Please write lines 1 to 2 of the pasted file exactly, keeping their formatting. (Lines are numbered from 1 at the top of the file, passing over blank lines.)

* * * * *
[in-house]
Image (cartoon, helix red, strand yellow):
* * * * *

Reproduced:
[in-house]
Image (cartoon, helix red, strand yellow):